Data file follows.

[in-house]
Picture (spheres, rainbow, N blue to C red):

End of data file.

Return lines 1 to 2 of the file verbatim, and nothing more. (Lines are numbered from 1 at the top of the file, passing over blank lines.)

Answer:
[in-house]
Picture (spheres, rainbow, N blue to C red):